Category Archives: Text-En

2017.9 Solo Exhibition – Mediating the Sacred and the Profane, Becoming a Sacrifice

Mediating the Sacred and the Profane, Becoming a Sacrifice
Kho Chung-Hwan (Art Critic)

The work of Lee Minha involves writing texts onto paper and leather. Lee began with oiled paper, and then gradually moved on to tanned sheepskin, cowhide, hog leather and deerskin. The job of tanning animal hides has long been considered menial. Therefore, the artist’s decision to transcribe texts on leather is not unrelated to her self-awareness of social vulnerability, not to mention the problems of social class distinctions. Lee is very much concerned with social issues and communal environments. For her recent project titled One Thousand Questions and Despair (2017), the walls of a tiny room in the Garibong-dong shantytown were almost entirely covered with texts. Firstly, Lee plastered the walls with oiled paper, and then filled up the surface with sample questions for civil service exams, the TOEIC test, and the real estate licensing exam. On the whole, the project can be described as a satire on the grim realities faced by today’s youth who have been driven to desperation with little hope for the future. In addition, Lee’s 2011 project Very Difficult Labor, which exhibited the entire process of inscribing texts on leather, was a way of honouring the victims of the Great East Japan Earthquake. The act of incising texts onto leather thus acquired a ritualistic undertone. By embracing the anguish of such socially disadvantaged groups as the younger generation and disaster victims, the artist heals their wounds and allows new flesh to grow (i.e. regeneration).

As for textual sources, Lee Minha has transcribed a variety of prayers written in many different languages. Sometimes the artist herself takes on the task of transcribing texts. Sometimes it is left to participants (as a form of audience participation), and sometimes a plotter is used for transcription. Why does she turn to prayers? What significance do prayers have in her work? What profound meanings can we find in the artistic transcription of prayers on paper and leather? Indeed, people pray for personal gain, and yet at the same time they are prompted by more fundamental concerns including altruistic and ontological values. Prayers are therefore ambivalent in nature, belonging to both sacred and profane realms. As a result, prayers mediate the sacred and the profane. By purifying what belongs to the profane world, prayers sublimate it to the sacred level. The sacred-profane connected is created through purification and sublimation (the sacred-profane dialectic?). Or, rather than newly uniting the two, Lee Minha reminds us (which then results in anamnesis) of the initial, connected state, the most primitive state, or the state at the beginning. The initial state (and therefore the archetype of existence) is then reconstructed and restored. Georges Bataille argues that in the initial form of existence, the sacred and the profane as well as life and death are all connected as one (continuity). According to him, mediation by capitalism and economy-first principles has led to a divide (discontinuity) between what is productive (secular life) and what is unproductive (the sacred realm of death). Given this, our task is to overcome the consequent discontinuity and restore the original continuity.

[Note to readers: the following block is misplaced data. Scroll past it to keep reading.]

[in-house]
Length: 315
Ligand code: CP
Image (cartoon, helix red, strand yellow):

Lee Minha explores the correlation between the sacred and the profane, not to mention the restoration of continuity between the two realms. In this respect, religion is closely associated with the practice of purifying secular things and subliming them to the sacred level. One of the most effective ways to achieve this is to recite and transcribe prayers. If you continue transcribing prayers, you will eventually find that ‘self’ has been erased and that you’re only left with the act of transcribing. What does it mean to have one’s ‘self’ obliterated? It wipes out all your agony, desires and wounds. Having thus been erased, one then finally becomes transparent and complete. Here lies a paradox; paradoxically, deletion brings about completeness and ‘true self’ (true ego in the original state) arises only when ‘self’ is gone. In short, the act of transcribing prayers on paper and leather and inviting audience to participate in the effort is closely connected to the process of introspection that wipes out all anguish and desires, and then heals wounds by erasing ‘self’ and confronting ‘true self.’